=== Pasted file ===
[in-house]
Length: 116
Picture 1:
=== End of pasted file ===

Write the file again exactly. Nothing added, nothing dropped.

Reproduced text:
[in-house]
Length: 116
Picture 1: